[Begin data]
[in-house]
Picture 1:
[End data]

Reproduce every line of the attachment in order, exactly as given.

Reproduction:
[in-house]
Picture 1: